Whew! Now that I’ve gotten some feminist concerns off my chest [Sneaker Wave, “We’ve Got to Talk Misogyny in Hip-Hop,” March 8], received overwhelmingly positive feedback, and endured just one instance of mansplaining (why do I even read Facebook comments?), I’m excited to return to the central point of this column: highlighting my favorite new developments in the local hip-hop scene.
As I pointed out in my last column, there are so few quality femcees in Portland’s scene that I can basically name them all. So imagine my surprise when I heard through the grapevine about the slayage that ensued at Mic Check this month courtesy of Wynne, a young blonde-haired rapper from Lake Oswego and Eugene.
She was the sole feminine presence on the bill, and took on better-known local artists Hanif, Vursatyl, Theory Hazit, OnlyOne, and Donte Thomas. To quote Mic Check photographer (and friend) Renée Lopez, Wynne had “bars on top of bars” and “murdered everyone in the cypher,” even though it was her first live performance in Portland. It’s fitting, then, that her name is pronounced like “win.”
“I went to Lake Oswego High School, was kind of witnessing the Portland scene, and had heard about Mic Capes and everything,” she tells me. “Nobody made music in Lake Oswego, so I was just sitting in my room making hip-hop, observing it. And StarChile and DJ Klyph of [XRAY.FM show] Welcome to the Neighborhood found me. They just dropped me in and introduced me to the scene.”
Though just 19, Wynne is remarkably mature and doesn’t seem to be trying too hard, with a style that comes off as down-to-earth and authentic. Just a chill, homegrown emcee who’s focused, hardworking, woke, and serious about music.
“I started rapping when I was nine,” she says. “And then it wasn’t until I was 12 where I was like, ‘This is what I’m gonna do with my life: I’m gonna write two songs every day and make it happen.’”
Wynne currently attends the University of Oregon, where she gets frequent opportunities to perform at WOW Hall and works music into the curriculum. “Instead of just doing violin and opera, they’re starting a Popular Music Studies program, which is my major,” she says. “So they started the hip-hop ensemble, and it’s actually a requirement for my major. They just started it last year, and I do a ton of shows with them.”
At first I couldn’t find much of her music online, but did listen to a very solid track called “An Open Letter to Donald Trump.” It was nice to see a young queen who’s unafraid to speak her mind, especially about politics. But what really sold me was the official music video for “CVTVLYST,” which can only be described as icy.
Switching up her flow countless times, Wynne goes off for six smooth minutes with natural style and clever wordplay over a beat produced by OwenOB—no hook, no breaks. There’s so much here (several Disney references, Marcus Mariota shout-outs, mini political rants, feminist jabs), it’s difficult to choose my favorite line. I definitely couldn’t resist when she says, “2016, you pissed me off,” and uses one section to address Trump supporters: “You want me to stop grouping these orange supporters together/Does that make you less uncomfortable, is that better?/They aren’t all racists and sexist, that’s fair/But at the very least they decided they didn’t care.”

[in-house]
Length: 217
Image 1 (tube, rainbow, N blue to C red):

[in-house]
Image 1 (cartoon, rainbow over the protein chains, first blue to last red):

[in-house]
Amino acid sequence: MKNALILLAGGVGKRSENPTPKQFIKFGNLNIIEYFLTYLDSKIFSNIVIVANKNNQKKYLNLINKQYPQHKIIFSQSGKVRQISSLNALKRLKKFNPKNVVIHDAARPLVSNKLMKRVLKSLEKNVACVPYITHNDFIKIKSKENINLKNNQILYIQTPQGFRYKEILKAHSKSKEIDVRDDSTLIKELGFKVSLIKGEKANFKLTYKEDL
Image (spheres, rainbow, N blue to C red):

Another highlight is toward the end: “You tellin’ me sex sells, well homie just stop it I got it/I’m already a hot topic/I’m thicker than the oatmeal for your nonprofit/If I wanna strip down that’s my decision/2017 women doing more than food in the kitchen.” At the end of the video, Wynne dubs herself “Queen Honey Pot,” confirming my suspicion that her name references the character Winnie the Pooh (her Twitter profile tags her location as the “100 Aker Woods,” and she can be seen with various Pooh bears on the interwebs).
With some more digging I found her first and only mixtape, 2015’s 10-track Snowball Effect, which Wynne now says she hates. “I can whip that out, having punchlines,” she says. “Which, at the core, that’s what I love doing. But now I’m really doing more artistic music that’s very different from my first mixtape.”
A self-proclaimed perfectionist who idolizes rappers like Kendrick Lamar and Eminem, Wynne says she’s not planning to crank out any more projects that aren’t just right. “Right now I’m really working on perfecting my sound and taking trips to LA to work with different producers, and really figure out what that is.”
With the help of her partner, producer/music engineer Itay Lerner, Wynne says she plans to develop her new sound and create a solid, confident set before committing to another mixtape or album. Then she wants to start booking more opening slots at Portland shows.
Wynne tells me she’ll probably be back for another Mic Check this summer. In the meantime, I guess we’ll just have to sit tight and hope she comes back up sooner rather than later. I know I’ll have my eyes peeled and my ears to the ground for what’s next from the young “Nala in the city.”